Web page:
Home, the fourth album from Michael Milosh’s lowkey smooth pop outfit Rhye, begins like a prayer. As “Intro” slowly comes to life, we’re met with a full wordless chorus of serene voices, all in perfect harmony. The recording is full and crisp; the spit on the singers’ lips is audible in between notes. It’s not too unlike something Julianna Barwick might deploy on one of her records, and it’s a stunning way to rope us in immediately.
Following this, however, we are immediately brought back to Rhye’s terra firma, with “Come in Closer”. A simple keyboard line plinks by, a steady 4/4 beat kicks in, Milosh’s voice unfurls overhead, the lithe instrument it’s always been. Some lovely strings enter the scene, some highly-mixed clips; the bass bends underneath, rubbery and supple. By now, Rhye is a well-oiled machine, and this song is evidence of that: each moving piece is in its right place, not a hair out of line. It syncs up perfectly, slowly adding layers of keys and backing vocals over the course of three-and-a-half minutes, and then it goes, as inconspicuously as it entered.
That’s sort of the thing, though: Rhye’s music, while bountiful with beauty, texture, sensuality, and grace, is also pretty nondescript much of the time. If not for Milosh’s velvety coo of a voice (remember back when the mysterious first-ever Rhye single dropped and people were convinced it was Sade?) the songs here would mostly fade into the background – and they almost do anyway. They’re perfectly pleasant, and the album is as inoffensive as they come, but the tunes largely evaporate the moment they’re over, like a sumptuous drop on a hot sidewalk.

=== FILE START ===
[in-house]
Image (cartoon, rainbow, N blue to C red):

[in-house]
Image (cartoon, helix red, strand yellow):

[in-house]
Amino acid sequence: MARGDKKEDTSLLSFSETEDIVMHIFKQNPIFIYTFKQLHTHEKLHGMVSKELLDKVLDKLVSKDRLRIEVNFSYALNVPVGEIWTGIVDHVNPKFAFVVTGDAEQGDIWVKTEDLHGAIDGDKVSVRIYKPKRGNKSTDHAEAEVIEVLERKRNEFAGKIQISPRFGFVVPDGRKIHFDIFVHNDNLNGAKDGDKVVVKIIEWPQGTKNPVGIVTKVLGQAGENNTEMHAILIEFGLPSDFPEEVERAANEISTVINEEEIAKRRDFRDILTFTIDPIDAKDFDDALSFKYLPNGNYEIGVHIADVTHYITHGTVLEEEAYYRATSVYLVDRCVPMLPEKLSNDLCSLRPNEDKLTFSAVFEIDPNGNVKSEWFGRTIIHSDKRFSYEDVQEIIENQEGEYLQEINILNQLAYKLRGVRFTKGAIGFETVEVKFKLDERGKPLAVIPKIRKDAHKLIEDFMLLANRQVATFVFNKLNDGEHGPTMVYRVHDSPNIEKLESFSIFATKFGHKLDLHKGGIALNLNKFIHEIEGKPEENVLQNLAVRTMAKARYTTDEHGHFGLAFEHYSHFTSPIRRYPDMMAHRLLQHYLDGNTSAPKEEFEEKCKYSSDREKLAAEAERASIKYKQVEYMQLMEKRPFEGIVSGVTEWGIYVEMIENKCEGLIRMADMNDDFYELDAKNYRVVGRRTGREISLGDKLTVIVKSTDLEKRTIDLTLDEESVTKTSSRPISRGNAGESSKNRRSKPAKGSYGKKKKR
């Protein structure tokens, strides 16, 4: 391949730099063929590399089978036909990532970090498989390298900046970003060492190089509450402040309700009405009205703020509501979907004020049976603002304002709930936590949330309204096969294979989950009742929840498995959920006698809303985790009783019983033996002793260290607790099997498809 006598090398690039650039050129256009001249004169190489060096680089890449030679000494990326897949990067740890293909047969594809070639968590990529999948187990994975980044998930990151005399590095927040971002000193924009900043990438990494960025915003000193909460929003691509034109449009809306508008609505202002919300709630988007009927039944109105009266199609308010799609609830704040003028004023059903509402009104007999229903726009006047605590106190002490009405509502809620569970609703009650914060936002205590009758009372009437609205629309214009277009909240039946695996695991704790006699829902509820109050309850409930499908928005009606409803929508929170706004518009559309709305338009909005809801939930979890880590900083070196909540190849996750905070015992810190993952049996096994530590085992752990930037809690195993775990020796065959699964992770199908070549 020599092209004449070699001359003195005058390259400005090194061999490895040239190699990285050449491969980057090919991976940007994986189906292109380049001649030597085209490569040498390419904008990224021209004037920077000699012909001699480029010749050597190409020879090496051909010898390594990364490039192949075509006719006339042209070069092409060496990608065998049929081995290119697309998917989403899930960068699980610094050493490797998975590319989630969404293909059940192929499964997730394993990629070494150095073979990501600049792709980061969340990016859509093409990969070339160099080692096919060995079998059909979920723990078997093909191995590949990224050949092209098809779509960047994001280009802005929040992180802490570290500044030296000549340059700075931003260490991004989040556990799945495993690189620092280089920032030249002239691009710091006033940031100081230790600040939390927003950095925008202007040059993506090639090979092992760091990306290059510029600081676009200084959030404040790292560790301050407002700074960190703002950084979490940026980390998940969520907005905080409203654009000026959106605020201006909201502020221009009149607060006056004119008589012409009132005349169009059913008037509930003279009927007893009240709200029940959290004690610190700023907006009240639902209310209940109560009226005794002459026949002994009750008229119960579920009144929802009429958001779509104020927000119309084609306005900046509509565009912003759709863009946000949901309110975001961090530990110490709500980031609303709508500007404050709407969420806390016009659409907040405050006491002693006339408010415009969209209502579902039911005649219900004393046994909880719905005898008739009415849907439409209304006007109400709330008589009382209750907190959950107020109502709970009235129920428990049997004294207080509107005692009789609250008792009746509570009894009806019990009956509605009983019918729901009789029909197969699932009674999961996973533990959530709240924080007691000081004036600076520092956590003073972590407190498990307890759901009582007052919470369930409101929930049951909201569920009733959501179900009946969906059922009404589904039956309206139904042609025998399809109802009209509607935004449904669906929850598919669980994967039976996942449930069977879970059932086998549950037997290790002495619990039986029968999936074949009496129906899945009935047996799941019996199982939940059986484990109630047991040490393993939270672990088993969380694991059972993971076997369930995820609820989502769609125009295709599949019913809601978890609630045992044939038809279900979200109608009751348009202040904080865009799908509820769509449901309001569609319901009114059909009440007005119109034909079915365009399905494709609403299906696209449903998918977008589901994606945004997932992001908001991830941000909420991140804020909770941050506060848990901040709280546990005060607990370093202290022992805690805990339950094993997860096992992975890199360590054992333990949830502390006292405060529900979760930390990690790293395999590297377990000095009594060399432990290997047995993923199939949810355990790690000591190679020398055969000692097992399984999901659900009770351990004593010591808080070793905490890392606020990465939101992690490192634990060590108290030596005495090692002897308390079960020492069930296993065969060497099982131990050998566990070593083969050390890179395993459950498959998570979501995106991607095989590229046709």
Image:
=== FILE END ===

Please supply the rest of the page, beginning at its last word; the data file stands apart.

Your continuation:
That isn’t to say Home is without its great moments – far from it. “Beautiful” has a big groove and heavy beat, instantly causing your head to bob. Every now and then, a whizzing synth burbles up like it’s being beamed in from some other track, and then it zips away. The strings here are quite lovely, too, as Milosh sings, “Beautiful woman, oh babe / Spend your life with me.” It’s rare that we get songs in this vein that aren’t lovesick, but Milosh wrote and recorded this album in a moment of goodness in his life, and the songs reflect that.
“Safeword” has a nearly conga-adjacent beat percolating under its sensual ruminations, and “Hold You Down” has a super funky groove and a bright, brash electric guitar (or perhaps a synth?) that cuts through parts of the song like lightning, alongside more of that beautiful choir. “Sweetest Revenge”, with its submerged synth groove and snappy hi-hats, feels even closer to the quiet storm stylings of Sade than he usually gets. “Need a Lover” finds Milosh singing over spare acoustic guitar – a surprising change of pace from a highly synthetic musical outfit. It’s a bit of a melancholy tune, but it has a truly crystalline beauty to it, a fragility that Milosh has a real knack for.
His voice might be the selling point, but it can also be a bit of an Achilles’ heel. Home is the longest Rhye album, and Milosh has a certain way of singing that doesn’t change very much from track to track. Your mileage on this album may vary based on how you feel about his very specific way of singing. It’s a little gentle, full of tenderness, and capable of truly stunning, moving beauty, but so much of the album floats by, blending into a slightly-too-homogenous whole. It ends up causing much of the striking detail to melt away — aside from “Intro” and “Outro”, it feels that you could listen to the album’s songs in any order. It’s also mixed in a way that puts the percussiveness at the forefront, to the point where so many of the hi-hats and snares end up being grating.
Rhye has always specialized in making the kind of dance music that operates at a cool temperature, feeling sexy and sensuous without going full dancefloor. It’s true especially on Woman, the very good debut Milosh made (before Robin Hannibal left the band). Milosh does it again here, and makes room for some nice textural and instrumental details, but as Home closes with another heavenly choir piece, it accidentally suggests something about Rhye: maybe it’s time to try some new tricks.